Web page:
The Joys of Finding the Perfect Pro Bono Client

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During my (many!) years of running a photography business, I have always made a point to support a charity that’s close to my heart by providing my services pro bono. Typically, I have an organization that I’m working with at any given time, and when it’s right, for many years. Like many who share this view, I feel it provides balance in my life, and I walk the world knowing my talents are contributing toward the fulfillment of a chosen organization’s mission. Or, maybe it’s more selfish than that – maybe it just makes me feel great inside.

A significant part of my business is with attorneys and law firms, and as a result, I’m closely tied to the Hillsborough County Bar Association, serving as their photography benefit provider for the last bunch of years. I got a call from Corrie Benfield, Marketing Director at the HCBA one day last year telling me they’d referred me to Bay Area Legal Services, who’d called them to get a referral for a photographer. Alexandra Crews emailed me as well and we talked the same day about what BALS does. As Alex says it, “The rest is history.”

We quickly set up our first photo shoot, which produced enough solid imagery for them to populate their updated website (not yet published as of this writing) and flagship brochure, blast out through all social media outlets, produce posters for public events, as well as a series of prints that they just hung up in their uber cool office spaces in Ybor City. It was maybe 3-4 weeks later I arrived at BALS’ main office in Ybor to shoot a video of one of their clients providing his testimonial of how BALS rescued him and his family from a life of debt, foreclosure and even divorce. During my 200 foot walk through the offices, I kept hearing this whisper: “This is the photographer who did those pictures!” I noticed. Then there’s Rose Brempong, the queen of sincere praise and acknowledgement, who came into the room and hugged me and thanked me no less than 6 times for the work I did and its impact on their ability to say who they are and what they do. Then Dick Woltmann, the CEO of BALS, stopped by to shake my hand and thank me, thank me, thank me.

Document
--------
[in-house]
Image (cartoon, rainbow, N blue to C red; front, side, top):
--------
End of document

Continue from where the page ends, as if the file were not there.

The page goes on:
It was truly during the live video shoot of the BALS client that I got hit right in the heart by this lovely man who was laying his heart and life on the line with his story. I was tearing up during the actual shoot (I wasn’t the only one!) and it was then I was hooked. I am now an advocate, loudspeaker, and proponent for this amazing group of professionals who help good people who have hit some tough circumstances get through the most challenging times of their lives, and most importantly, in a way that preserves their dignity and restores their personal power. I’ve seen it several times now. I’m all in.

Not to kick a dead horse here, but then I received a persistent and loving invitation to BALS’ annual Holiday Party at the Columbia Restaurant in Ybor City. Almost suspiciously, Rose and Alex made darn sure for weeks that my wife Kim and I (my son was also invited but couldn’t attend) were going to attend. We were seated at a table up front and were happy to just be there in such a lovely setting. When the event began, my jaw hit the floor when I realized that the opening remarks, which lasted for 5-10 minutes were a presentation of the video we did for them, followed by more praise and recognition than I think I’ve ever received for anything I’ve ever done, complete with a presentation of a gorgeous trophy! Shocked doesn’t even come close to describing how that felt. But ‘full of love and appreciation’ does.

So what’s the point here? If you’re working pro bono for a client, and you don’t know in your heart of hearts that what you’re doing is a difference maker for that organization, it may be time to find another outlet for your generosity. But mostly I think the point is that pro bono work should make you feel great, and make the organization you’re serving feel even better. Right Alex, right Rose? THAT’s what pro bono is all about, at least through this photographer’s lens.

Temporary

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I picked up my disabled parking permit today from the Tax Collectors Office. Took me almost a month to do this, but I did it. For those just getting on board, I’m recovering from Achilles tendon repair surgery and am in a boot and wheeling around on a knee scooter, unable to put weight on said injured foot. Anyway, I’ve always had a ‘thing’ about these parking permits, and those who use them without having any affliction or challenge, and how often I see someone of complete ability come springing out of their car parked in a handicap space and go dashing into a Publix. But I, for better or worse, am legit. I need this thing, and today I used it for the first time.